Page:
Marijuana Health Benefits Controversy


According to the Seattle Times, the U.S. Drug Enforcement Administration has decided to keep marijuana and its derivatives classified as a Schedule 1 drug. That class of drugs includes heroin and other dangerous drugs that have no medical value. That ruling caused the marijuana health benefits controversy to rage on!

That decision flies in the face of evidence to the contrary.

In July, 2016, Susan R.B. Weiss, Director of Extramural Research, National Institute of Drug Abuse, NDIA, testified before the Senate Judiciary Committee, Subcommittee on Crime and Terrorism. The facts she presented included:

  • Washington D.C. and 25 states have enacted laws allowing the use of marijuana for medical purposes.
  • Another 16 states have enacted laws that allow the use of cannabidiol, a chemical that is found in marijuana.
  • Research “suggests” that there are many medical uses for cannabidiol, including pediatric epilepsy, anxiety, and post traumatic stress disorder.
  • Research “suggests” that THC, a substance found in marijuana, may be beneficial for treatment of Tourette syndrome, sleep disorders, and substance abuse disorders.

Her goal was to work with Congress and others to reduce barriers to research. To date, according to Weiss’ testimony, NDIA has spent millions on 281 research projects related to the medical use of marijuana.

Another little known fact about the federal government’s knowledge of marijuana is that the United States, represented by the Department of Health and Human Services, has a patent on cannabinoids as a “new class of antioxidant drugs”. The patent claims that the drug is useful for treating conditions including Alzheimer’s, Parkinson’s, stroke and trauma.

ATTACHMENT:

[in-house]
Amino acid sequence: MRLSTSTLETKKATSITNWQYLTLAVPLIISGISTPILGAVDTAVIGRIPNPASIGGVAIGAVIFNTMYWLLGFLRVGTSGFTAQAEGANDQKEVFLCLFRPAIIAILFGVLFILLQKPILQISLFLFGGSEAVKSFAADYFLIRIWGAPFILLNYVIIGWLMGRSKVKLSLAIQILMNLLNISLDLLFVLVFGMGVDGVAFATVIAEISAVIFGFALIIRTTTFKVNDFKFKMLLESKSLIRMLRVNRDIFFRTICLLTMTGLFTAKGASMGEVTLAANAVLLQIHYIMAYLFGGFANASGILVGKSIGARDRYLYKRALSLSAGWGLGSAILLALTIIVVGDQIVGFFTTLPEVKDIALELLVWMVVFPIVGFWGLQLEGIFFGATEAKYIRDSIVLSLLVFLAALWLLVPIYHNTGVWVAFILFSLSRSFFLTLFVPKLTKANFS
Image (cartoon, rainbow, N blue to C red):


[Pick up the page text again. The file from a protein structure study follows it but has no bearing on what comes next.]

Web MD notes that there is no organization that keeps track of marijuana research. The website page contains a list of controlled research studies on marijuana since 1990. There have been numerous studies, in this collection alone, that show marijuana is beneficial for treating a wide range of medical issues.

In 2015, the Compassionate Access, Research Expansion, and Respect States Act of 2015, the CARERS Act, was introduced in the Senate. Subsequently, the four related bills were introduced, including an identical bill by the House. All bills were referred to subcommittees that have, to date, taken no action. The CARERS bill would have rescheduled marijuana from a Schedule I to a Schedule II drug, made additional research easier, made access for veterans easier, and removed concerns about violations of federal law.

While states continue to enact legislation that legalizes marijuana or its derivatives for medical and, in some states, recreational use, the federal government refuses to reclassify it as a beneficial drug. Instead, it continues to tout that it has no medical value.

I have to wonder if this is actually a money issue for the government. It is known that the federal government conducts research using taxpayer dollars, and then sells the resulting drug to private pharmaceutical companies. Those companies then become even richer, but do not pass any of that wealth to the taxpayers through reasonable drug prices. Is that what is going on with marijuana and its derivatives?

News Moderator: Katelyn Baker
Full Article: Marijuana Health Benefits Controversy
Author: Andrea Tucker
Contact: Legal Reader
Photo Credit: David McNew
Website: Legal Reader